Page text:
The anti-Western opposition

Unexpected is the outcome on the part of the anti-Western opposition (or, more precisely, among the parties that oppose Serbia’s entry into NATO and the EU, and openly support even broader and more dynamic cooperation with Russia and China). It was expected that these parties would win 14-16 percent of the votes, but the real surprise is the distribution of those votes. The coalition around the Democratic Party of Serbia maintained its rating from last year’s elections of 5.1 percent (although all public opinion pollsters predicted a drastic drop), while the National Gathering, which entered the election campaign with a projected support of around 8 percent, plummeted to 2 .9 percent and is now desperately fighting for the census.

Since irregularities have been registered at numerous polling stations, the voting procedure will be repeated at some of them, and it is mathematically possible that this list will also “skip” the 3 percent census. Dr. Branimir Nestorović, a man who captured all the media attention during the pandemic when he opposed the measures being taken (he is known as one of the most agile anti-vaxxers in the post-Yugoslav area), and whose movement was formed only a month ago, made sure of an absolute surprise on this side of the political spectrum. His list won 4.7 percent of the vote and gained parliamentary status.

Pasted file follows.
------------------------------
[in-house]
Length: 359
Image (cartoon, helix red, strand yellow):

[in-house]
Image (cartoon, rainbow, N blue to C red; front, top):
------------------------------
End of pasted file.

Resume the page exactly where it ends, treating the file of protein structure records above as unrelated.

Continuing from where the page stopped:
How this movement will position itself in the future is a total unknown, as is how it will function in the future. Immediately after the announcement of the results, Nestorović said that he would not go with Vučić or the pro-Western parties. About 2.5 percent of votes within this category went to smaller parties that remained far below the census.

The fate of the anti-Western opposition is that from election to election these parties collectively win a significant number of votes, but they never manage to unite and capitalize on that support, they are already scattered and divided among themselves.